Hu, Zhongya; Hu, Wenxuan; Wang, Xiaomin; Lu, Yizhou; Wang, Lichao; Liao, Zhiwei; Li, Weiqiang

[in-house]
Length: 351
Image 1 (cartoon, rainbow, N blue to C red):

Magnesium isotopes are an emerging tool to study the geological processes recorded in carbonates. Calcite, due to its ubiquitous occurrence and the large Mg isotope fractionation associated with the mineral, has attracted great interests in applications of Mg isotope geochemistry. However, the fidelity of Mg isotopes in geological records of carbonate minerals (e.g., calcite and dolomite) against burial metamorphism remains poorly constrained. Here we report our investigation on the Mg isotope systematics of a dolomitized Middle Triassic Geshan carbonate section in eastern China. Magnesium isotope analysis was complemented by analyses of Sr-C-O isotopic compositions, major and trace element concentrations, and petrographic and mineralogical features. Multiple lines of evidence consistently indicated that post-depositional diagenesis of carbonate minerals occurred to the carbonate rocks. Magnesium isotope compositions of the carbonate rocks closely follow a mixing trend between a high δ26Mg dolomite end member and a low δ26Mg calcite end member, irrespective of sample positions in the section and calcite/dolomite ratio in the samples. By fitting the measured Mg isotope data using a two-end member mixing model, an inter-mineral Δ26Mgdolomite-calcite fractionation of 0.72‰ was obtained. Based on the experimentally derived Mg isotope fractionation factors for dolomite and calcite, a temperature of 150-190 °C was calculated to correspond to the 0.72‰ Δ26Mgdolomite-calcite fractionation. Such temperature range matches with the burial-thermal history of the local strata, making a successful case of Mg isotope geothermometry. Our results indicate that both calcite and dolomite had been re-equilibrated during burial metamorphism, and based on isotope mass balance of Mg, the system was buffered by dolomite in the section. Therefore, burial metamorphism may reset Mg isotope signature of calcite, and Mg isotope compositions in calcite should be dealt with caution in